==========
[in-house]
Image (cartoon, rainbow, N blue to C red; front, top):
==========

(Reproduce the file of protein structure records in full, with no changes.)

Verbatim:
[in-house]
Image (cartoon, rainbow, N blue to C red; front, top):